IMF calls for banking sector reforms
Kathmandu, Oct 31
The International Monetary Fund has called on Nepal to accelerate banking sector reforms stating provisions on loan classification, loan-loss provisioning and risk management are not adequate to weather rapid credit growth.
A loose monetary policy and the mandatory central bank requirement for four-fold increase in paid-up capital of commercial banks have fostered rapid credit expansion, with private sector lending growth averaging 22 per cent in the past two years. The central bank has lately tried to curtail flow of credit towards unproductive sectors by revising loan-to-value ratio on car and real estate loans. Yet a big chunk of credit is going towards these sectors.
“Rapid credit growth underscores the need to accelerate banking sector reforms,” says the IMF’s latest South Asia Regional Update, adding, “Loan classification, provisioning, and banks’ risk management practices should be upgraded.” The IMF has long been saying that high credit growth tends to increase cases of loan defaults, creating risks in the financial sector. It has therefore been prescribing that credit expansion take place in a sustainable manner. But others argue slow credit expansion could hit economic growth.
Nepal’s economy has made impressive performance in the last two years, with growth rates standing at eight per cent (market price) in fiscal year 2016-17 and 6.3 percent in 2017-18. “Above-trend growth has been supported by two successive favourable monsoon seasons, accommodative fiscal and monetary policy, a pickup in [post-earthquake] reconstruction activity, and markedly improved electricity supply,” says the IMF report.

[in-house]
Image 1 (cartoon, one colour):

But expansionary fiscal policies that have aided growth have also fuelled imports, prompting Nepal to record current account deficit of 8.2 per cent of the GDP in 2017-18. This has caused the gross central bank foreign exchange reserves to shrink to US$9.7 billion in September from $10.1 billion in July.
A growing current account deficit--which indicates higher outflow of money from the economy--has also put a strain on budgetary operations of the government with fiscal deficit standing at over six per cent of the GDP in 2017-18. The fiscal deficit was triggered by large transfers to local governments and a further increase in capital spending. As a result, public debt rose for the first time in many years, to a still-manageable 29.7 per cent of GDP.
“The fiscal deficit could widen further in 2018-19 with the ongoing implementation of fiscal decentralisation, unless the government continues the strong revenue collection effort seen in the first two months of this fiscal year when revenues rose by 36 per cent year-on-year,” says the IMF report.
The IMF has said Nepal’s near-term challenges are to ‘maintain the recent growth momentum and create conditions for sustained high and inclusive growth’. “Efforts should focus on strengthening key institutions and administrative capacity to boost private investment and growth,” says the report, adding, “Fiscal policy should focus on higher and better-quality public investment and prudent implementation of fiscal decentralisation through sustainable intergovernmental fiscal arrangements and the need to build public financial management capacity at the sub-national level.”
Hasty implementation of fiscal decentralisation, according to the IMF, could strain government finances and weaken fiscal policy’s stabilisation function. “At the same time, with the fiscal stance having become more expansionary than in previous years, monetary policy needs to be tightened to keep inflation and balance of payments pressures in check,” says the IMF report.